Car Brake Problems? 7 Most Common Problems & Solutions

Your car’s braking system is one of the hardest working systems on your car.

There are a lot of ways brake systems can have problems, and we’ll cover the most common problems with solutions in this article.

#1 – Your Brake Pedal Feels Soft or Weak

Your brake pedal should have a firm feel when you press on it. It should move freely as you move it from its resting position, and as the brakes are applied the pedal should become firmer with more pedal use.

If your pedal has some resistance but feels soft and squishy, your braking system has a serious problem occurring.

It may cause your brakes to work at a minimum level and they are probably not safe for use until the system is restored to its original condition.

How to Fix It

Soft brakes can be caused by many different reasons, so a methodical approach should be taken to identify the source of the problem.

The first item to check is the level of the fluid in the system. The brake system is closed, meaning it should not lose fluid unless there is a leak allowing fluid out.

If you find the brake fluid is low, it could mean that the brake pads are worn enough that the fluid level in the master cylinder and reservoir has dropped. If the fluid is near the full level, but the brakes are soft, it could mean that there is air trapped somewhere in the system.

Follow the brake lines from the master cylinder and search for a leak. If you find a leak, get that fixed and then bleed the complete brake system with new brake fluid.

An owner’s manual should specify the type of fluid required for your car. If the fluid has been in your car for more than 2 years or 30,000 miles, it should be replaced, and the system bled as the fluid has absorbed condensation.

Beyond the fluid causing problems, the components in the brake system can equally cause soft brakes.

  • A bad master cylinder or proportioning valve can prevent pressure from building in the system.
  • A bad brake caliper or wheel cylinder can cause pressure to build incorrectly too.
  • A bad wheel bearing can allow the suspension hub to move while driving and the brake pads can subsequently move away from the brake disc.

You will need to go component by component looking for leaks and proper function to determine what is causing a soft brake condition.

Are you feeling confused? Head over to our article How Do Car Brakes Work, for an easy guide.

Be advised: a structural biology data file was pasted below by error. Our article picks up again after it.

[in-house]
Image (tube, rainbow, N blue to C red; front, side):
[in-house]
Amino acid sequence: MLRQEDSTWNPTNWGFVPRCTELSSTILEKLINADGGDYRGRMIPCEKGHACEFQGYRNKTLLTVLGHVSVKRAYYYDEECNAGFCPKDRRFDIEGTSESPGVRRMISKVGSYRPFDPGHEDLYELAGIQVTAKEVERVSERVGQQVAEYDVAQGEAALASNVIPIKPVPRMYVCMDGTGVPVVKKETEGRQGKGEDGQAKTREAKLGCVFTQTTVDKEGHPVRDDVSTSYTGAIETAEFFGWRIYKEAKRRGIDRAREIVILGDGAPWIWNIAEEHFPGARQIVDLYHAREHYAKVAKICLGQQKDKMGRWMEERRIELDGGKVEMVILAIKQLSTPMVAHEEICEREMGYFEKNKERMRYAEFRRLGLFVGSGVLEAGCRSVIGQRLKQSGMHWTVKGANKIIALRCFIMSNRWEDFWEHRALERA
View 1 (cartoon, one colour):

#2 – Your Brake Pedal Feels Solid as a Rock

As frustrating as a soft pedal is, a hard pedal can be equally appalling as you try to stop your car with no luck.

A hard pedal takes much more effort to apply the brakes and to move the brake pedal. A hard pedal can be scary to use as it doesn’t inspire confidence while driving.

How to Fix It

Most newer cars use a power-assisted brake system with a power brake booster or a hydro-boosted system to add braking pressure. It amplifies your effort on the pedal, so you don’t have to apply the full pressure to the brakes.

If your system loses the assistance, most likely the brake pressure will feel very hard and make it difficult to apply the brakes as you have before.

There are multiple components in the power-assistance system including a power booster, vacuum hoses, check valves, and the brake calipers.

If the booster fails internally, it can seize and cause the assistance system to stop working. A vacuum line can develop a hole or a leak and cause the booster to stop working.

Worn brake pads or a seized brake caliper can prevent the brake system from working correctly.

As with soft brakes, you’ll want to go component by component to find where the problem is in the system to remedy the situation before driving again.

#3 – Your Brakes Fail to Disengage

With a hard and soft pedal feel, your brakes still disengage after you apply the brakes.

What happens if the brakes won’t let go?

You could be driving and detect a burning smell. Your car may seem underpowered because the brakes are applied, and the calipers don’t release the pressure.

How to Fix It

There are just a handful of components related to applying hydraulic pressure to the brake calipers and brake discs.

If the brake calipers seize internally, they may not release the pressure on the brake discs. There is also a cable for the parking brake that will activate the caliper to prevent your car from rolling while it is parked. That can become corroded and seized preventing the caliper from releasing the pressure on the brake disc.

Corrosion can affect most of the brake system. The rotors and/or drums can corrode and seize the brake pads and calipers.

You may find corrosion in the master cylinder if the brake fluid has absorbed a significant amount of condensation. This can cause a clog in the master cylinder or a blockage in a brake line.

If you find corrosion on or in any part of the braking system, you need to remove it and change the brake fluid. Seized parts and corrosion can cause the brakes to stop disengaging.